The Great (Hulu): Elle Fanning plays Catherine the Great, Russia's longest ruling in monarch, in this TV series that is very loosely based on Catherine's real life. In the show, a naive Catherine arrives in Russia full of inspiration and a desire to transform her new homeland into a progressive European power. Instead she meets her boorish fiancé, Peter (Nicholas Hoult) who is as stupid as he is cruel. What follows is a dark comedy of remarkable depth and pathos. Catherine struggles with coming to terms with her new life of courtly intrigue and the capriciousness of her odious husband. Hoult revels in Peter's harebrained scheming and portrays Peter as both a monster and a pathetic man-boy seeking his dead mother's approval. (He keeps her in a glass case in the hallway just so he can talk to her.) Surrounding Catherine are a sassy servant, a secretly idealistic courtier, a beaten-down general, and an aristocratic couple trying to keep their marriage intact as Peter carries on an affair with the wife.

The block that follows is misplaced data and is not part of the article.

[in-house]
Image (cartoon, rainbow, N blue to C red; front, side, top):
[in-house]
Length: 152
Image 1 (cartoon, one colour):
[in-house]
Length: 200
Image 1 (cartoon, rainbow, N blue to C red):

Battlestar Galactica (Peacock): Ronald Moore's reimagining of the campy 1970s Star Wars-knockoff premiered in 2003 as America was in the midst of navigating our post 9-11 world. The series, set after near destruction of humanity, followed a small band of survivors on the edge of the galaxy trying to avoid death from their enemies and to rebuild humanity. With towering performances from Edward James Olmos and Mary McDonnell, BSG tackled the issues at the core of humanity's never-ending search for purpose. Episodes dealt with the morality of suicide-bombing, abortion, justice, forgiveness, the emptiness of revenge, and dealing with trauma. In four seasons, BSG pushed the boundaries of science fiction to fascinating and morally ambiguous ends, but never lost of sight of the humanity of its characters.